Email is a major vulnerability point. As previously mentioned, accountants should not use email to send clients their returns or other documents, and should instead share them from within a secure, encrypted vault. It is equally important to ensure that your office staff is on high alert for phishing attacks, in particular spear phishing, which targets specific individuals. Accountants are primary targets because of the value of information they hold. Savvy spear phishers are so good at trickery that their emails may be almost impossible to detect. Teach colleagues to look closely at originating email addresses and never click on a link unless they are certain where it takes them.
By storing all employee login credentials in a password manager, employees will be less likely to fall for a phishing scam. They will be in the habit of only logging in using the URL and hidden passwords. When employees have never known the actual password values, they cannot be tempted to type it into a phishing site or email.
5 Work Remotely, Smartly
Remote work has increased dramatically across all industries. Whether working from home, traveling for business or checking email while in transit, employees are expected to be able to keep working regardless of location. Although the ability to work on the go offers increased flexibility, it also creates increased opportunities for data breaches.
Accountants should never use public Wi-Fi services to access or exchange sensitive information. Cybercriminals can easily tap into public data streams and intercept data exchanged in plain text format. If you’re planning to use a public computer, invest in VPN software for-end-to-end encryption, or be sure that all data exchanged stays within the encrypted vault.
What Information Do Cybercriminals Target Accounting Professionals For?
Accountants hold a special place of honor in the cybercriminal community. They’re privy to the kind of information that commands some of the highest premiums on the dark web of stolen data. That makes them prime targets for all manner of cyber thieves. They are also especially vulnerable to damage from attacks. Clients trust their accountants as stewards of highly sensitive information. A breach can be devastating to an accounting firm’s reputation.
Accounting computer systems are brimming with information that attackers covet, including:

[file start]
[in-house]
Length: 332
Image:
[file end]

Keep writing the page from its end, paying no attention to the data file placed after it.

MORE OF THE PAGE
Client Social Security numbers
Cyber criminals can use this information to unlock a wealth of fraud and identity theft opportunities. This includes signing up for credit cards under stolen identities and compromising bank and healthcare accounts through social engineering. Once attackers have a Social Security number, they’re halfway to their goal of disrupting clients’ lives.
Address, phone number and date of birth
All standard fields on a 1040 form, this is the rest of the information attackers need to create fictitious credit accounts and hijack existing ones.
Names of spouses, children, places of employment and annual income
Also useful in identity fraud, spouse and street address names can be used to get past security barriers such as challenge questions. Together with the other private information noted above, attackers may be able to successfully talk their way past customer representatives to gain access to financial accounts.
1099-HC forms and medical receipts reveal a bounty of information that cybercriminals can use for insurance or prescription fraud. In fact, health records currently fetch the highest price on stolen information exchanges.
Criminals who can access Employee Identification Numbers, payroll information and contact names in an organisation’s accounting department can file fraudulent expense reports, invoices and insurance claims.
Year-end tax financial documents that clients give their accountants usually include account numbers. Taxpayers also routinely share receipts that include credit card information. These can be used for check and credit card fraud, or to access accounts through social engineering.
Armed with a bank account and email address, a cybercriminal may be able to hijack online banking and stock accounts through a simple “forgot password” process. Email addresses can also be spoofed, enabling the criminal to send realistic-looking messages to others that appear to come from a legitimate sender.